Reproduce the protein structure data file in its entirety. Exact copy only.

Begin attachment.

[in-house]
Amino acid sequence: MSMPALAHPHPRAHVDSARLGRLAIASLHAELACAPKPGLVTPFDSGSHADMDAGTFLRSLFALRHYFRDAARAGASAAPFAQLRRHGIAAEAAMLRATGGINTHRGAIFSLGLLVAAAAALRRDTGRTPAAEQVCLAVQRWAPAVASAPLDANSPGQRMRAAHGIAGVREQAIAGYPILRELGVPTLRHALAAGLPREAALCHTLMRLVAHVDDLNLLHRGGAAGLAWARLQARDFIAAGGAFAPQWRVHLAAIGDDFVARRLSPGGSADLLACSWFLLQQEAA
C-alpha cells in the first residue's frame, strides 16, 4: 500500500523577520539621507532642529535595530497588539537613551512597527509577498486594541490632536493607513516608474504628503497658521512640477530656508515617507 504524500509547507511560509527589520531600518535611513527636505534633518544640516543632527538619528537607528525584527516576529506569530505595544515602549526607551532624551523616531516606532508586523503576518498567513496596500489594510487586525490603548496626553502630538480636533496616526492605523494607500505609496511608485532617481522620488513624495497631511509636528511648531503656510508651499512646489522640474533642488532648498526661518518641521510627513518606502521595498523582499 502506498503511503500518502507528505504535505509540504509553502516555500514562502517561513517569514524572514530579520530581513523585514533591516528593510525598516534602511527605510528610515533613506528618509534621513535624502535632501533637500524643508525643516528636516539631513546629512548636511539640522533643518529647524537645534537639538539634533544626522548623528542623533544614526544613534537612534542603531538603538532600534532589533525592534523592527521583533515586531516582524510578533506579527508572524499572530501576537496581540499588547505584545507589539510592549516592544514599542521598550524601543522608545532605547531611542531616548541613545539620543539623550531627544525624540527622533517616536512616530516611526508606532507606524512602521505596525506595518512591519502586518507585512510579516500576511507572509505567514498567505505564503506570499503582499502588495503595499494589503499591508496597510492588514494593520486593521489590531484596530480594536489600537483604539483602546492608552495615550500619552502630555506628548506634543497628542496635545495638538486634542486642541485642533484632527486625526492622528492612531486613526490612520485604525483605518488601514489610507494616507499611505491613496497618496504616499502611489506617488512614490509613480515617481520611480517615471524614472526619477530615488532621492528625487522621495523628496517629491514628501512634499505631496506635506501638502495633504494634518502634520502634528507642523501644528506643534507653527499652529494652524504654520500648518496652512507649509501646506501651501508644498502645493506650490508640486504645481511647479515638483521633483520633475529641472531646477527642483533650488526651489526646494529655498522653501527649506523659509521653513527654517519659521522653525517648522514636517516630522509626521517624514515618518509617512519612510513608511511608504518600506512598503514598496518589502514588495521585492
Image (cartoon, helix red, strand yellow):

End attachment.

[in-house]
Amino acid sequence: MSMPALAHPHPRAHVDSARLGRLAIASLHAELACAPKPGLVTPFDSGSHADMDAGTFLRSLFALRHYFRDAARAGASAAPFAQLRRHGIAAEAAMLRATGGINTHRGAIFSLGLLVAAAAALRRDTGRTPAAEQVCLAVQRWAPAVASAPLDANSPGQRMRAAHGIAGVREQAIAGYPILRELGVPTLRHALAAGLPREAALCHTLMRLVAHVDDLNLLHRGGAAGLAWARLQARDFIAAGGAFAPQWRVHLAAIGDDFVARRLSPGGSADLLACSWFLLQQEAA
C-alpha cells in the first residue's frame, strides 16, 4: 500500500523577520539621507532642529535595530497588539537613551512597527509577498486594541490632536493607513516608474504628503497658521512640477530656508515617507 504524500509547507511560509527589520531600518535611513527636505534633518544640516543632527538619528537607528525584527516576529506569530505595544515602549526607551532624551523616531516606532508586523503576518498567513496596500489594510487586525490603548496626553502630538480636533496616526492605523494607500505609496511608485532617481522620488513624495497631511509636528511648531503656510508651499512646489522640474533642488532648498526661518518641521510627513518606502521595498523582499 502506498503511503500518502507528505504535505509540504509553502516555500514562502517561513517569514524572514530579520530581513523585514533591516528593510525598516534602511527605510528610515533613506528618509534621513535624502535632501533637500524643508525643516528636516539631513546629512548636511539640522533643518529647524537645534537639538539634533544626522548623528542623533544614526544613534537612534542603531538603538532600534532589533525592534523592527521583533515586531516582524510578533506579527508572524499572530501576537496581540499588547505584545507589539510592549516592544514599542521598550524601543522608545532605547531611542531616548541613545539620543539623550531627544525624540527622533517616536512616530516611526508606532507606524512602521505596525506595518512591519502586518507585512510579516500576511507572509505567514498567505505564503506570499503582499502588495503595499494589503499591508496597510492588514494593520486593521489590531484596530480594536489600537483604539483602546492608552495615550500619552502630555506628548506634543497628542496635545495638538486634542486642541485642533484632527486625526492622528492612531486613526490612520485604525483605518488601514489610507494616507499611505491613496497618496504616499502611489506617488512614490509613480515617481520611480517615471524614472526619477530615488532621492528625487522621495523628496517629491514628501512634499505631496506635506501638502495633504494634518502634520502634528507642523501644528506643534507653527499652529494652524504654520500648518496652512507649509501646506501651501508644498502645493506650490508640486504645481511647479515638483521633483520633475529641472531646477527642483533650488526651489526646494529655498522653501527649506523659509521653513527654517519659521522653525517648522514636517516630522509626521517624514515618518509617512519612510513608511511608504518600506512598503514598496518589502514588495521585492
Image (cartoon, helix red, strand yellow):